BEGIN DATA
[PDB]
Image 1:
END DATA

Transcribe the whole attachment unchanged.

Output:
[PDB]
Image 1: